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Learning to let kids take charge

There are sweet moments parents wish to retain forever. Yet trying to locate a scrap of paper and pen in the middle of bath time is not always feasible. Funny expressions and mispronunciations are priceless nuggets of childhood, gone in a blink.

“I won’t ever forget this,” parents tell themselves.

The sad truth? Most moms and dads leak brains. Somewhere between expecting a baby and surviving four seasons of tee-ball, I forgot not only precious memories, but also my phone number, age, and where I last put the car keys.

Despite this unnerving progression towards senility, one twinkling instant in time from my early years as a mom remains bright.

My first son, Danny, was not yet 2. We were downtown in our cramped condo with two babies. After a long work day, I came home to find not a scoop of formula left. Aggravated, I prepared to head out to the nearest Walgreens. It was a dark and snowy winter night in Chicago, and I muttered unhappily while bundling up.

It was then I spotted Danny tugging at his coat, advising:

“I go too!”

We walked toward the elevator and Danny ran ahead to press the down button. Once inside, he also knew which button delivered us directly to the lobby.

It was practically a blizzard outside, but my little boy forged ahead with brazen confidence while grabbing my hand to lead the way.

Covered in snow, Danny pushed through the rotating doors at Walgreens with surprising strength. I was still dusting myself off as he hustled over to the baby aisle, locating the correct container in seconds for his infant brother.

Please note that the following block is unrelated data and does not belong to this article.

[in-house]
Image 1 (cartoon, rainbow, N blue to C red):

“I find it, Mommy! I find it!”

Danny insisted on carrying the plastic bag home. Then there came the moment that defined my child forever in my heart.

Danny looked up at me and smiled the most dazzling smile I have ever seen.

The kid had been harboring a secret wish to be 40 years old from the time he was born, and he finally had his crack at adulthood.

When he was 3, Danny’s preschool teachers never kept track in games because Danny always knew whose turn it was. At 4, he was anxious for income and drew up a marketing plan for his lemonade stand.

By 5, he peppered us with questions on investment banking.

Recently, a friend shared a story about her son, now grown. The boy had a history of putting neighbors into heart failure.

The kid liked climbing onto roofs.

And then jumping off them.

My friend laughed heartily at the recollection and finally delivered the punch line.

Because now?

That boy is paratrooper for the U.S. Army.

As parents, we pretend we have some huge say into who our kids become. Hearing that story and remembering my own Alex P. Keaton, I understand kids are born with personality traits as pre-determined and fixed as their fingerprints.

Danny? He is always going to want to be in charge.

One day, I will actually let him.

And I cannot wait to see that brilliant smile once again.

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